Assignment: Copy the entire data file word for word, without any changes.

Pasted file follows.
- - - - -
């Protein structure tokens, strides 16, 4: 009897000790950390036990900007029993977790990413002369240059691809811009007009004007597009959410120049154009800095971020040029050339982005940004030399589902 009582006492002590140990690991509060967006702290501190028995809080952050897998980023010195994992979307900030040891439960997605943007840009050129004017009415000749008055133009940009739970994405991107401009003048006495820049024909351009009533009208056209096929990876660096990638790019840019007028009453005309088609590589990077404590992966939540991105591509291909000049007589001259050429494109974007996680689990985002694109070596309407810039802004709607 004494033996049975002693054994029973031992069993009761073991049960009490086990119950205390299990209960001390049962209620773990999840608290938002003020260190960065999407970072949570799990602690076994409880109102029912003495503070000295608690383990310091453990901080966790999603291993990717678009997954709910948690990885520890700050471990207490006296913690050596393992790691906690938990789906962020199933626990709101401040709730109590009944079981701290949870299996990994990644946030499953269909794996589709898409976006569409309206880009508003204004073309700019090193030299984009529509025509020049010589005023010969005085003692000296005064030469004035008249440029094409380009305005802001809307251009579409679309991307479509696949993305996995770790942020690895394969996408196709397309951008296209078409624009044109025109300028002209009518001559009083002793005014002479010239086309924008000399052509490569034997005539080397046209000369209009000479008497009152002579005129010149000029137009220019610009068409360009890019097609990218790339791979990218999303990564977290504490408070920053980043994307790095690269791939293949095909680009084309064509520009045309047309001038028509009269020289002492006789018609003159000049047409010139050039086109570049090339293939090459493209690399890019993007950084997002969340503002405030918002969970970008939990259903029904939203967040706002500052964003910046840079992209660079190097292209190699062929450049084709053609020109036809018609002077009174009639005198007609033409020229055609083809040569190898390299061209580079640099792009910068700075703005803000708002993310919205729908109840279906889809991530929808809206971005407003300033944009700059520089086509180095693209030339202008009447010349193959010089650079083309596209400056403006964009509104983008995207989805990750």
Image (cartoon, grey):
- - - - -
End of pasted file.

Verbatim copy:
């Protein structure tokens, strides 16, 4: 009897000790950390036990900007029993977790990413002369240059691809811009007009004007597009959410120049154009800095971020040029050339982005940004030399589902 009582006492002590140990690991509060967006702290501190028995809080952050897998980023010195994992979307900030040891439960997605943007840009050129004017009415000749008055133009940009739970994405991107401009003048006495820049024909351009009533009208056209096929990876660096990638790019840019007028009453005309088609590589990077404590992966939540991105591509291909000049007589001259050429494109974007996680689990985002694109070596309407810039802004709607 004494033996049975002693054994029973031992069993009761073991049960009490086990119950205390299990209960001390049962209620773990999840608290938002003020260190960065999407970072949570799990602690076994409880109102029912003495503070000295608690383990310091453990901080966790999603291993990717678009997954709910948690990885520890700050471990207490006296913690050596393992790691906690938990789906962020199933626990709101401040709730109590009944079981701290949870299996990994990644946030499953269909794996589709898409976006569409309206880009508003204004073309700019090193030299984009529509025509020049010589005023010969005085003692000296005064030469004035008249440029094409380009305005802001809307251009579409679309991307479509696949993305996995770790942020690895394969996408196709397309951008296209078409624009044109025109300028002209009518001559009083002793005014002479010239086309924008000399052509490569034997005539080397046209000369209009000479008497009152002579005129010149000029137009220019610009068409360009890019097609990218790339791979990218999303990564977290504490408070920053980043994307790095690269791939293949095909680009084309064509520009045309047309001038028509009269020289002492006789018609003159000049047409010139050039086109570049090339293939090459493209690399890019993007950084997002969340503002405030918002969970970008939990259903029904939203967040706002500052964003910046840079992209660079190097292209190699062929450049084709053609020109036809018609002077009174009639005198007609033409020229055609083809040569190898390299061209580079640099792009910068700075703005803000708002993310919205729908109840279906889809991530929808809206971005407003300033944009700059520089086509180095693209030339202008009447010349193959010089650079083309596209400056403006964009509104983008995207989805990750």
Image (cartoon, grey):